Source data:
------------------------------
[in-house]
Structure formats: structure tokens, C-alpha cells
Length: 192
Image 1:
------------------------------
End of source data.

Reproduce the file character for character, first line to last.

[in-house]
Structure formats: structure tokens, C-alpha cells
Length: 192
Image 1: